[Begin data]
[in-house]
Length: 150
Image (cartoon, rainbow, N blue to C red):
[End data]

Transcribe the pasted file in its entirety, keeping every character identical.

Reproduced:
[in-house]
Length: 150
Image (cartoon, rainbow, N blue to C red):